The Jackson Hole Report is the most accurate and trusted real estate market report in Teton County, WY. We derive our statistics from a privately-maintained database that tracks every single sale, not just the ones reported through MLS.
Ever since our market hit bottom at the end of 2009, sales have steadily increased, staring with Q1 2010 and continuing with year-to-year improvements through Q1 2014. However, in spite of our strengthening market performance, the shortage of inventory has hindered buyers’ ability to find the right property. Available single-family home inventory is at a 25-year low, and the overall available inventory – homes, lots, condos, commercial and ranches – is the third lowest in 25 years. Residential vacant land is the only segment with more than a year’s supply of inventory. However, expect rapid depletion in this segment as well.
Where did the inventory go? As discussed in the year-end 2013 Jackson Hole Report, I believe four major factors contribute to this answer:
1) Speculation building: Jackson Hole felt the affects of the worldwide banking collapse in 2008. Immediately, speculation building came to a screeching halt. Since then, very few new residential homes and condo/townhomes have been built on speculation, falling far short of demand for new construction. This is due to the reluctance of contractors and mortgage bankers to speculate so soon after the great recession. Such reluctance combined with higher labor and construction material costs, a new shortage of skilled labor in Jackson Hole, and slowly recovering appraisal values, means we should not expect speculation building to return in 2014;
2) Distressed sales: Since 2008, approximately 350 homes and condo/townhomes in Jackson Hole were considered distressed sales. While the distressed property inventory dried up in 2013, many people who lost or had to sell their residences did not move away; instead, they relocated to rentals. Meanwhile, many buyers of these distressed properties were investors who placed their new purchases in the local rental pool instead of reselling them as the market recovered;
3) Pent-up demand: As our market recovered, pent-up buyers who had waited for the market to bottom out pounced on properties, accelerating sales. In the five years leading up to the great recession, Jackson Hole averaged 930 sales per year, but after 2008, the average number of sales dropped to 430 per year, which equates to 3,000 fewer buyers over the last six years. These patient buyers are back, many with cash, ready to jump on any new listing priced at market value;
4) Shadow inventory: In Jackson Hole, local Realtors consider shadow inventory as properties that were placed on the market during the recession, but did not sell. Some were overpriced at pre-recession values, while others languished due to the dearth of buyers. Today, many of these sellers are reluctant to put their homes back on the market in the face of rapidly increasing values. Meanwhile, other sellers are relisting their homes but unfortunately at pre-recession prices. NOTE: 38% of current available inventory – homes, lots, condo/townhome, and commercial – have been on the market before. Of those 145 listings, 132 (91%) have been on the market for more than a year and 74% for two-plus years.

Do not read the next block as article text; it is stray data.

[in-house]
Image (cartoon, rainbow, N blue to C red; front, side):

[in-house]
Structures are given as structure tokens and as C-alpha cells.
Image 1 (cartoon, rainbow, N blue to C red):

Combine these factors with a recovering local economy and a 4.4% unemployment rate in Jackson Hole, and therein lies the layered answer.
THE OVERALL MARKET
When compared with the first three months of 2013, the overall market has slowed due to dwindling inventory. The number of sales dropped 12% and the overall dollar volume was down 14%. In contrast, the median sale price was up 21%. The increase in the median sale price reflects the lack of sales under $500,000, down 78% when compared to Q1 2013. In terms of price point, the most activity was seen between $500,000 and $1 million, where 37% of overall transactions occurred. Geographically, the Town of Jackson and south to the Teton County line experienced the most activity, which in total accounted for 51% of all sales in the valley.
The overall upper-end of the market – properties priced at $2 million and above – has experienced a slowdown in sales, dipping 18%. Half of the upper-end sales in Q1 2014 were single-family homes, with a majority on the Westbank. The number of upper-end properties under contract has increased by 63%. NOTE: There are 47 properties on the market in the $5 million+ price range, down 28% from Q1 2013. The most expensive listing remains Jackson Land and Cattle Company, a property priced at $29 million spanning 562 acres in Spring Gulch with eight individual 35-acre parcels and a full equestrian facility, plus 3,000 sq. ft. event center. To learn more about the luxury market, please visit www.JacksonHoleLuxuryReport.com.
Overall properties under contract in Q1 2014 versus Q1 2013: the overall number of properties under contract is down 19%. In contrast, the dollar volume is up 41%, and the average list price spiked by 74%. While the number of vacant residential land and commercial properties under contract increased, single-family and condo/townhouses under contract both fell due to the dearth of available inventory. Single-family homes and condo/townhouses still make up 69% of the properties under contract, and 60% of the properties under contract are listed below $1 million.
Overall inventory of active listings dropped by 22%…
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